The Unlawful Internet Gambling Enforcement Act of 2006 doesn’t make it a crime for US residents to gamble on the web; American players continue to be free to gamble anywhere on the Internet, stated Rick Smith and Keith Furlong, that are the Executive and Deputy Directors of the Interactive Gaming Council (IGC), at a media release this past week.
The IGC is a major trade Judi QQ for the international interactive gaming industry with its membership operating or supplying services to all of those respectable interactive websites on the Internet.
Their media release continued, mentioning the bill is targeted on the prosecution of banking institutions tackling transmission of money in U.S. players to operators of internet gaming websites. Some web sites might no longer accept wagers, as lots of the publicly traded online gaming organizations announced they’d stop taking American stakes following recent passing of the bill by Congress.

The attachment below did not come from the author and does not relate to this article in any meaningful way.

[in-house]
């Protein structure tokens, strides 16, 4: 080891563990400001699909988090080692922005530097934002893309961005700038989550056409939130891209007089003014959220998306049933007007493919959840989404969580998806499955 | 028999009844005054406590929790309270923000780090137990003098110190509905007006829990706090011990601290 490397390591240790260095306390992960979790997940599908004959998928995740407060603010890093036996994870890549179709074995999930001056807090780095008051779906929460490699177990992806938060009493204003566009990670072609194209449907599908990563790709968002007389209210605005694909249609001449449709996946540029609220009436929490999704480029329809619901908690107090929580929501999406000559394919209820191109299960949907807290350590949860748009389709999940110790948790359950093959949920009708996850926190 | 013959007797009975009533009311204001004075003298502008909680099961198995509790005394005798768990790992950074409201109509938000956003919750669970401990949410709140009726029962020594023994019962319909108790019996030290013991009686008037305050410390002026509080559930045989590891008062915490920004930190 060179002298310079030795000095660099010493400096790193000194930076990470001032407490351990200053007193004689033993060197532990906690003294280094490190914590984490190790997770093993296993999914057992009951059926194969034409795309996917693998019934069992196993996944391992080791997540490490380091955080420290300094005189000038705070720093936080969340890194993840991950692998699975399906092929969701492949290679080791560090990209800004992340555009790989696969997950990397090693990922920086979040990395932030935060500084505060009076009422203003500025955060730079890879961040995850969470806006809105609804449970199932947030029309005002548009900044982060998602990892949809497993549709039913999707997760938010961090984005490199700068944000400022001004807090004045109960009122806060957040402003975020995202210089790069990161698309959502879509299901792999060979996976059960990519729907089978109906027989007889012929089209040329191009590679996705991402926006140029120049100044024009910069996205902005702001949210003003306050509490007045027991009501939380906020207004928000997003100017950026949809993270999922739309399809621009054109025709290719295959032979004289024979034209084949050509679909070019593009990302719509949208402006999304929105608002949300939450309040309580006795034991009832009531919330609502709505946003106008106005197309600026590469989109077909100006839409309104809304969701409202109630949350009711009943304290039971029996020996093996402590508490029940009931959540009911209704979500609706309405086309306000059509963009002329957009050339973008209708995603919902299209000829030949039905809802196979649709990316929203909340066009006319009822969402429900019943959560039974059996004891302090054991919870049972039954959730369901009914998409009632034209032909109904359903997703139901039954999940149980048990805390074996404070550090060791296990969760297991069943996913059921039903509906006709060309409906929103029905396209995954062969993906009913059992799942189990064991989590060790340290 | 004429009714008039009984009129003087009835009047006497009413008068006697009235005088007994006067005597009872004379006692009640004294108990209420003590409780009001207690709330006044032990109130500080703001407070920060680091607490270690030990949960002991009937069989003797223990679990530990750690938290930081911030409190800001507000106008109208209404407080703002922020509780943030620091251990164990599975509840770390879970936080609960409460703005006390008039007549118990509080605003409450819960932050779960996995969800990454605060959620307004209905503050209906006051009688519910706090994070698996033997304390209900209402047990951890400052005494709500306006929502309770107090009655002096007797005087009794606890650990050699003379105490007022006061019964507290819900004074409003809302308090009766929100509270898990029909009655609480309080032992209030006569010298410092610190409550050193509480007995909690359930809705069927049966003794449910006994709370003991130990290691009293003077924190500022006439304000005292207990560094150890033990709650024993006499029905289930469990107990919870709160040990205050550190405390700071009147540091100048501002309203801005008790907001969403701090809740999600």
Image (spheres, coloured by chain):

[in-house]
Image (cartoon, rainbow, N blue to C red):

Nevertheless, they stressed that the bill will probably cause unintentional adverse effects, in direct opposition to the bill’s intent.
“In the guise of protecting susceptible Americans- minors that wish to gamble and adults who can not control their gaming – Congress has actually heightened the risk to such groups,” said IGC Deputy Director Furlong.